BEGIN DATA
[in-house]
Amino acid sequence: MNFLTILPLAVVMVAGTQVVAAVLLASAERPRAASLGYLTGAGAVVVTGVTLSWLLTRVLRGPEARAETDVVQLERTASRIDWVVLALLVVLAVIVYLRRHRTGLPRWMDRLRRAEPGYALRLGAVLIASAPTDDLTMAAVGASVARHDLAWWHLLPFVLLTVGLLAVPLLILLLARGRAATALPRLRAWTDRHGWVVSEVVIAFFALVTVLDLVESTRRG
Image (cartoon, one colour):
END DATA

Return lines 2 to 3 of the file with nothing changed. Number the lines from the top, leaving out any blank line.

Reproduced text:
Amino acid sequence: MNFLTILPLAVVMVAGTQVVAAVLLASAERPRAASLGYLTGAGAVVVTGVTLSWLLTRVLRGPEARAETDVVQLERTASRIDWVVLALLVVLAVIVYLRRHRTGLPRWMDRLRRAEPGYALRLGAVLIASAPTDDLTMAAVGASVARHDLAWWHLLPFVLLTVGLLAVPLLILLLARGRAATALPRLRAWTDRHGWVVSEVVIAFFALVTVLDLVESTRRG
Image (cartoon, one colour):